Landscapes of Injustice

Displaced Japanese Canadians leaving the west coast after being prohibited by law from staying in the area. Image: Nikkei National Museum & Cultural Centre.

Landscapes of Injustice is a research and public history project exploring the dispossession of Japanese Canadians as part of their forced displacement and internment in the 1940s.

"In 1942, the Canadian government uprooted and interned all people of Japanese descent living in coastal British Columbia. The following year, it authorized the sale of everything that they had been forced to leave behind. As a result, when Canada's internment era finally ended in 1949, Japanese Canadians had nothing to return to. Their homes, farms, businesses, fishing vessels, cars, family pets, personal belongings - in short, everything that they had been unable to take with them - were gone." - From the introduction to the Landscapes of Injustice book

The dispossession was an epitomizing moment in the history of twentieth-century Canada: a core principle of liberal society—ownership in fee simple—collided with racial ideology. It transformed both individual lives and the broader fabric of Canadian society. Former property owners and their descendants still feel the shock of the forced sales, the destruction of their neighbourhoods, and the betrayal of the promise that the Canadian government would “protect and preserve” their land and possessions. Through seven years of multi-disciplinary, community engaged research, the Landscapes team has painstakingly uncovered the history and pieced together the legacies of these injustices in order to give them due recognition in the Canadian record.

In September 2020, Landscapes launched its capstone knowledge mobilization products the "Broken Promises" exhibit, eponymous book (McGill-Queen's), and complementary narrative website. Additional significant outputs, including a forthcoming searchable digital archive database of the project's extensive research collections and curricula materials developed for both elementary and secondary school classrooms will help to cement the story of Japanese Canadian dispossession and its lasting impacts and lessons in our nation's consciousness.

The opening of the Landscapes of Injustice's "Broken Promises" exhibit at the Nikkei National Museum in Burnaby, BC, on 26 September 2020.

The project's four key claims:

1. The dispossession entailed the deliberate killing of home.

Home—the place where we belong—continues to hold meaning, even (and perhaps especially) for displaced people. When the Canadian government destroyed the homes of Japanese Canadians and sold all of their belongings, it compounded the harms of the internment.

2. Dispossession is hard work.

The dispossession required years of administrative work and the complicity of thousands of people. Hundreds of government officials laboured in the dispossession. Thousands of civilians stole and bought the belongings of their former neighbours. Japanese Canadians felt the burden of daily administration for an entire decade.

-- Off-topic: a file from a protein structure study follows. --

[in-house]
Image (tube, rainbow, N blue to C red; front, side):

3. Perpetrators of the dispossession reasoned wrong.

Dispossession was not the work of angry racists alone. Although racism permeated the corridors of power, notions of citizenship, good governance, and fair play were also twisted in service of injustice. Ideals that Canadians now repudiate folded together with ones we still cherish to deprive citizens of their rights.

4. Dispossession is permanent.

The internment era was far too long—7 years, most of them after the Second World War had ended. But dispossession lasts forever. The lands, possessions, and opportunities lost can never be fully restored. The communities and neighbourhoods destroyed can never be fully rebuilt. Japanese Canadians and others live with legacies of shame, silence, regret, complicity, and loss. Even legacies of resilience and activism in the face of wrongdoing come with their own costs. We are heirs to landscapes of injustice.

"The uprooting and dispossession [of Japanese Canadians living on the west coast] transformed the geography of British Columbia: hundreds of localities where Japanese Canadians had made their lives would, without the dispossession, have been very differently comprised, understood, and remembered."

- From the introduction


Project Manager Michael Abe and Research Assistant Natsuki Abe talked to Rohit Joseph on CBC Radio's All Points West to discuss how their family history has and hasn’t been passed down, and how the Landscapes of Injustice project is helping them explore their history and heritage.

Listen to the conversation

Photo: Mike and Natsuki on a visit to the site at Lemon Creek, BC, where Mike's parents/Natsuki's grandparents were interned by the Canadian government along with 1,849 of their fellow Japanese Canadians (Aya Timmer).




Landscapes of Injustice Project Manager Mike Abe, based out of the project office at CAPI, and Director Jordan Stanger-Ross, an Associate Professor with UVic's department of History. The project involves more than a dozen partners across the country, including other universities, government agencies, major Japanese Canadian organizations, museums, historical societies and learning associations. Learn more at the Landscapes of Injustice website.

jordan stanger-ross